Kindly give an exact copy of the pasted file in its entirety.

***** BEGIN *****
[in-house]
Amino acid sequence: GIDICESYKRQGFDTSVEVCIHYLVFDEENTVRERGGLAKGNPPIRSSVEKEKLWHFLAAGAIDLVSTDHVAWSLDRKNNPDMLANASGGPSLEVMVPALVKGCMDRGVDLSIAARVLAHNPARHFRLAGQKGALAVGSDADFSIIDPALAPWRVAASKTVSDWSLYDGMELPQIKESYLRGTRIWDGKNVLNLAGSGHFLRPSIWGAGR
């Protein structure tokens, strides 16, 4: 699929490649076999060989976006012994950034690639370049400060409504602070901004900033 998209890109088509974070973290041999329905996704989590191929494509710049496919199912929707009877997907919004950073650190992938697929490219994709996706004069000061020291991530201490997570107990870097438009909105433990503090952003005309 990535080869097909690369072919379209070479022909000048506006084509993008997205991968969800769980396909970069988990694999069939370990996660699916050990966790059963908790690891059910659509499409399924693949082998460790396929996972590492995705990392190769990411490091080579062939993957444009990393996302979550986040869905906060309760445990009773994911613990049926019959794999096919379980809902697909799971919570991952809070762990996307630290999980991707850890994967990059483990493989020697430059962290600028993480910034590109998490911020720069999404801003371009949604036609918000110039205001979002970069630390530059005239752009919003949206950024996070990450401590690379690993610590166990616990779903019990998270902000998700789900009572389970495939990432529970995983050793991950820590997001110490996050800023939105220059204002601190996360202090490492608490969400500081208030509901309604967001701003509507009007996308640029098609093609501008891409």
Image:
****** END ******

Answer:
[in-house]
Amino acid sequence: GIDICESYKRQGFDTSVEVCIHYLVFDEENTVRERGGLAKGNPPIRSSVEKEKLWHFLAAGAIDLVSTDHVAWSLDRKNNPDMLANASGGPSLEVMVPALVKGCMDRGVDLSIAARVLAHNPARHFRLAGQKGALAVGSDADFSIIDPALAPWRVAASKTVSDWSLYDGMELPQIKESYLRGTRIWDGKNVLNLAGSGHFLRPSIWGAGR
């Protein structure tokens, strides 16, 4: 699929490649076999060989976006012994950034690639370049400060409504602070901004900033 998209890109088509974070973290041999329905996704989590191929494509710049496919199912929707009877997907919004950073650190992938697929490219994709996706004069000061020291991530201490997570107990870097438009909105433990503090952003005309 990535080869097909690369072919379209070479022909000048506006084509993008997205991968969800769980396909970069988990694999069939370990996660699916050990966790059963908790690891059910659509499409399924693949082998460790396929996972590492995705990392190769990411490091080579062939993957444009990393996302979550986040869905906060309760445990009773994911613990049926019959794999096919379980809902697909799971919570991952809070762990996307630290999980991707850890994967990059483990493989020697430059962290600028993480910034590109998490911020720069999404801003371009949604036609918000110039205001979002970069630390530059005239752009919003949206950024996070990450401590690379690993610590166990616990779903019990998270902000998700789900009572389970495939990432529970995983050793991950820590997001110490996050800023939105220059204002601190996360202090490492608490969400500081208030509901309604967001701003509507009007996308640029098609093609501008891409």
Image: